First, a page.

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Lithium-ion satellite cell development: past, present and future

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3 Author(s)
C. O. Kelly ; Federal Syst. Dept., EPI Ind. Inc., Joplin, MO, USA ; H. D. Friend ; C. A. Keen

High energy density, lithium secondary cells are very attractive for use on future spacecraft. However, a number of technical challenges remain. Specifically, the ability of lithium secondary cells to achieve the high cycle life and long calendar life required for use on high-reliability spacecraft, as well as the difficulties in scaling up the available small cell technology to larger sizes required for spacecraft power systems. The purpose of this paper is to summarize efforts being undertaken by Eagle-Picher Industries (EPI) to develop lithium-ion (Li-Ion) technology for spacecraft applications. The intent is to keep the satellite community abreast of recent developments at the cell level and to help direct sound decisions in power system design variations from the current nickel-hydrogen (NiH2) and nickel-cadmium (NiCd) technologies. The focus of this paper is the summation of past, present and future work with direct emphasis upon the development of cycle life and related components. Other covered issues include: cell design, operational temperature variations, rate capability and energy density. Accelerated performance will be characterized both in GEO and LEO “on-orbit” profiles. To support findings and authenticity of the test data being presented, details of the test configuration and test parameters will be covered as applicable. In addition, future endeavors will be discussed, encompassing expected performance improvements and developmental planning. With a significant improvement over existing cell technology, the Li-Ion system will someday provide tremendous savings in launch cost as well as package flexibility. There are, of course, technological advances needed before this product will be available to the aerospace community. The EPI technology will meet most qualification loads with a C rate capability. The energy density at the C rate is better than 70 Wh/Kg and exceeds 100 Wh/Kg at lesser rates. The cycle life of the large cell Li-Ion technology has yet to prove itself. On-going high rate tests have a current cycle life of >620 cycles at 100% DOD, >1360 cycles at 25% and >8550 cycles at 10%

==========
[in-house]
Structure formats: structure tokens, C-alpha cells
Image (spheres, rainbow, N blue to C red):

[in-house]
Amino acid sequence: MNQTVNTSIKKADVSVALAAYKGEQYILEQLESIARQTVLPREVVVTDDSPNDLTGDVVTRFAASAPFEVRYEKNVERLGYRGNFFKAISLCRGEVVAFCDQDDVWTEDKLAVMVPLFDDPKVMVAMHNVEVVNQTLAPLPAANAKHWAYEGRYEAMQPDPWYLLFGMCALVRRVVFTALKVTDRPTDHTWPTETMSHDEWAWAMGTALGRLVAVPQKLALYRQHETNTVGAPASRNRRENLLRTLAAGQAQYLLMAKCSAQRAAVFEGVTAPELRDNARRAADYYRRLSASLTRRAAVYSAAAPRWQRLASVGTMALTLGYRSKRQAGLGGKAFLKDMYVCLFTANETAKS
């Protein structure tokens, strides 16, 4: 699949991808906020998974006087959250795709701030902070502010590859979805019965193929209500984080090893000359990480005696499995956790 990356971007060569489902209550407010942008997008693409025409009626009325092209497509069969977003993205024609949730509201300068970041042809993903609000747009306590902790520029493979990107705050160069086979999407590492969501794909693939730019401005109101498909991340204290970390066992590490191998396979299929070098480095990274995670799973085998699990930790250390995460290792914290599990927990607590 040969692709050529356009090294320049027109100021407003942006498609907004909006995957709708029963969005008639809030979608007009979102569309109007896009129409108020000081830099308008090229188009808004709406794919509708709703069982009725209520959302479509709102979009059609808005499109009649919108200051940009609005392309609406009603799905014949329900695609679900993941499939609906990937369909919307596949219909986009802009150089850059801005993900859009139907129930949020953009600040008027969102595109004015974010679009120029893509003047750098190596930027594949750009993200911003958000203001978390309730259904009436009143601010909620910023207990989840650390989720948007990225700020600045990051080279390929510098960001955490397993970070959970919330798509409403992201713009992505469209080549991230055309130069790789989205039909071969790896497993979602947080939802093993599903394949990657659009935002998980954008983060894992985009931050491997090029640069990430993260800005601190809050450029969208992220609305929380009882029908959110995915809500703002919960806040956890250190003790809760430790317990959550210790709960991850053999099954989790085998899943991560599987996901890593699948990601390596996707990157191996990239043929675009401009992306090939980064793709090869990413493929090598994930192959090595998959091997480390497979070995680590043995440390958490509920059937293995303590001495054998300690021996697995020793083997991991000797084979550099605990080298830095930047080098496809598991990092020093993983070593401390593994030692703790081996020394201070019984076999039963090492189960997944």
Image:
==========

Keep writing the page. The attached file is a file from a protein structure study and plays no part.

Published in:

IEEE Aerospace and Electronic Systems Magazine  (Volume:13 ,  Issue: 6 )